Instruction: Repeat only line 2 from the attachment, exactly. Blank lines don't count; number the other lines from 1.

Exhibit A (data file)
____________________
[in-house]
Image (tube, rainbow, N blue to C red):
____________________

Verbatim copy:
Image (tube, rainbow, N blue to C red):